Following South Africa’s fourth democratic elections, they have a new leader today: Jacob Zuma, the head of the African National Congress (ANC).  It hasn’t really surprised anyone that he won and people have been predicting it for months, even with upheavals within the ANC and with the blemish of multiple criminal charges currently being pursued against Jacob Zuma.  But, as everyone expected, he still won and his party just barely fell short of sweeping up two-thirds’ majority vote again.  However, to an outsider like us Americans, a lot of the election and political system inSouth Africais significantly different.

election dancing

People in Thulamahashe were singing and dancing with excitement on election day.

To start with, people only have the option to vote for a party, not a person like we do in America.  Individuals have no real say in who their party chooses as its leader.  South Africa’s definitely more of a republic than a democracy.  This is also why South Africa’s ruling party, the ANC, was able to “recall” the former President (i.e. force him into early resignation) and replace him with Motlanthe, who wasn’t the Vice President at the time, simply a high-ranking member within the ANC.  The reason being, the people had voted for ANC in the national elections four years previous, so the ANC had the right to change the President any time they wanted.

So, when a South African votes on election day, as they did on Wednesday, they choose a party to represent them, not a person.  South Africans make two votes: they have the option to choose one party to represent them in the national government, and one party for the provincial government (like our States).  But they have no option to choose among candidates for those positions and they know that the current candidate for a particular party can be replaced at any time.

As far as democratic elections go, South Africa has an incredibly high percentage of eligible-voter turnout.  This year they topped 80%, significantly more than the percentage of people who vote in the U.S.  Part of the reason is that the majority of South African citizens are still very proud of their recently-won ability to vote.  Until 1994, nearly 90% of South Africans weren’t allowed to vote in any elections because of restrictions placed on them by the Apartheid government.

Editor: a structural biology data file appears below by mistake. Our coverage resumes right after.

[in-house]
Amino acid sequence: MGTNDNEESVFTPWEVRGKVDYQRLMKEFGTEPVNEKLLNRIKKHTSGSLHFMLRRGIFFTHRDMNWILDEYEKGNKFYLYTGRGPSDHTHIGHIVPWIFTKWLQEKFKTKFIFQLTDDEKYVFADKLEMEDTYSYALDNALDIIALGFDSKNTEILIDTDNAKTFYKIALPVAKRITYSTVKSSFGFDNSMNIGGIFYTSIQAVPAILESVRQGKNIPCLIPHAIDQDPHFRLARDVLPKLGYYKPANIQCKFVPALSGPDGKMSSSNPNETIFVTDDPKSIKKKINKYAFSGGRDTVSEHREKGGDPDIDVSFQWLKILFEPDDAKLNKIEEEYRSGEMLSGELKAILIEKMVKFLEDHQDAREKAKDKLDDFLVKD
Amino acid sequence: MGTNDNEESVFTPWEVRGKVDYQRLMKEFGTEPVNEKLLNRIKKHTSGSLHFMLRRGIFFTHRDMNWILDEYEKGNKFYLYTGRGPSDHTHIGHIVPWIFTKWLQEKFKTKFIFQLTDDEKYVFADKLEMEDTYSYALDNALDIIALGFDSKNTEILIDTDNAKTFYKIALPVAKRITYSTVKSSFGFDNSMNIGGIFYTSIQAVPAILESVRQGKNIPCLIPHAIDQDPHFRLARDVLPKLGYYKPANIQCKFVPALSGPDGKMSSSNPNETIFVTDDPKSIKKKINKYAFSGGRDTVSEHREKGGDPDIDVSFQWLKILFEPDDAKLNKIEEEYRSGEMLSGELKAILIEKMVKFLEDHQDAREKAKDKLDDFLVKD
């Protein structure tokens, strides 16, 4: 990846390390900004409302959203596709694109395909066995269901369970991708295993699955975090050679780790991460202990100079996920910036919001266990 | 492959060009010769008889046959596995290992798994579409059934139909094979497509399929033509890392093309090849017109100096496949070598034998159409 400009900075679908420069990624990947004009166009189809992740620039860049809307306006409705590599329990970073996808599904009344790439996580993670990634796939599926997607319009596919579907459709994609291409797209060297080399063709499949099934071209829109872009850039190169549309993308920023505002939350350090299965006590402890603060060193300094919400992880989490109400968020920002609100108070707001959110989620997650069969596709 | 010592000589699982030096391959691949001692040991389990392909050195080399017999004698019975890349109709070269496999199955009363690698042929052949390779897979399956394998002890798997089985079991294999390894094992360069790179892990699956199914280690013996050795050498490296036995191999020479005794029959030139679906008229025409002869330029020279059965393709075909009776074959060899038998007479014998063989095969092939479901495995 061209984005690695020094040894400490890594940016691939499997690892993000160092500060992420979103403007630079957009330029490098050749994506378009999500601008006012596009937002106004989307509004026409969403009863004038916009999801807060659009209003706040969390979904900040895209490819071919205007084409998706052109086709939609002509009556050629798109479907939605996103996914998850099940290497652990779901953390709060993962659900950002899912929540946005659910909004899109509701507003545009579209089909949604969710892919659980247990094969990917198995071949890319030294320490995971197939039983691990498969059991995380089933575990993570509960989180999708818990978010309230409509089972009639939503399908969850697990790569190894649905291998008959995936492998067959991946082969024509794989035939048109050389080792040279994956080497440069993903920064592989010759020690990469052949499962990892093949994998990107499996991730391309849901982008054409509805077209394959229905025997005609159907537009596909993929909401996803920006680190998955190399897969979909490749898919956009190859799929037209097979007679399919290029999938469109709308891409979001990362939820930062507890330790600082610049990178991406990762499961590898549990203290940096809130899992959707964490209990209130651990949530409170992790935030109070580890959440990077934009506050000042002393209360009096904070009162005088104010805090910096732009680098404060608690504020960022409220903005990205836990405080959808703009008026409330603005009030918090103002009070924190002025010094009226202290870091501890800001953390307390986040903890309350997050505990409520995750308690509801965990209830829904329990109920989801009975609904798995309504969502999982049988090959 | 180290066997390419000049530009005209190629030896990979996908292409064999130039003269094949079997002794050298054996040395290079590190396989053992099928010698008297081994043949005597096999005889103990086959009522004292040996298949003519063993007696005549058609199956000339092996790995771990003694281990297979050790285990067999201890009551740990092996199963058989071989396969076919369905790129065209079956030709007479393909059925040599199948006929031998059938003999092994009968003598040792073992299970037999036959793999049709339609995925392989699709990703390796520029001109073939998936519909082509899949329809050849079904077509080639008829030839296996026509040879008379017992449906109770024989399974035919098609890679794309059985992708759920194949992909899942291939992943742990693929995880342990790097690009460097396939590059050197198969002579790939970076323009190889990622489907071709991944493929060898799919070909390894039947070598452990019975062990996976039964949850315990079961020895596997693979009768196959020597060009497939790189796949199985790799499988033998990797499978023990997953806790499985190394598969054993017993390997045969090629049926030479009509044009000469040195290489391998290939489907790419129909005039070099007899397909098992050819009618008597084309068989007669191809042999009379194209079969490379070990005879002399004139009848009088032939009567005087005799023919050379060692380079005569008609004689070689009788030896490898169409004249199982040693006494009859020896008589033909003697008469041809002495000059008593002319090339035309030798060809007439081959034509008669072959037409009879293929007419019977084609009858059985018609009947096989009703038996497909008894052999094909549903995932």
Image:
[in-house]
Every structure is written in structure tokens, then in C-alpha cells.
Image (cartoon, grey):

Now, fifteen years later, the majority of South Africans are still very proud to “exercise their democratic right to vote”.  The country as a whole appreciates this so much that schools are shut down and many businesses are closed, just to make sure people aren’t too pre-occupied to vote.

On top of that, many South Africans are willing to wait in lines for three or four hours or more, just to get their vote in.  In the nearby town of Thulamahashe, the line was about one to two hours long on average, but in our village where voting was held at the schools, the line usually wasn’t more than fifteen or thirty minutes.  Everywhere I went people were asking me if I was going to vote and when I told them I couldn’t, they tried to convince me to find a way to vote anyway

Overall, South Africa has more than twenty competing political parties, every one of them represented on the national ballot and more than half of them represented on the provincial ballot.  Most parties are led by the majority population, black South Africans, and most of their platforms are about the same with minor variations, sometimes running along tribal lines.  But they also have parties specifically representing South Africa’s significant Indian population, Muslims, mixed racial groups, and even parties that want a return to Apartheid-era ways (though of course they never gain much vote anymore).

So, leading up to the elections, campaigning was in full swing.  ANC has ruled South African politics since 1994, but they always campaign hard anyway.  Unfortunately this year, violent clashes between political parties arose again reminiscent of 1994, but it was mostly isolated to a province south of ours – Kwa-Zulu Natal.  A few people were killed on both sides, but the incidents were supposedly not coordinated.

In our small village, there were weekly rallies for the ANC right in front of our house.  They resembled parades that marched around the streets with people singing, dancing, and shouting slogans.  Oftentimes the majority of the attendants were actually transported in from surrounding areas but it helped give ANC a show of strength.  (That also happens to be one of their slogans: “Amandla!” – “Power/Strength!”)  The rallies would last two to three hours and then disperse.  During the week right before the elections they held several rallies and the night before they had a big tent meeting with someone preaching late into the night about the merits of the ANC.

Not all ANC campaigning was honest though: apparently many ANC representatives told lots of villagers who were receiving welfare grants that if they didn’t vote for the ANC they’d no longer receive their welfare grants.  We also saw ANC party representatives taking the opportunity of the preaching pulpits at funerals to encourage everyone to vote for the ANC.

Also, South Africa’s biggest labor unions, including the Teachers’ Union, openly endorse the ANC.  The South African Teachers’ Union (SADTU) publishes a frequent and free newspaper for educators and the most recent headliner was “Why You Should Vote for the ANC”.  Even the comic inside wasn’t funny at all, but was just a story about people voting for the ANC.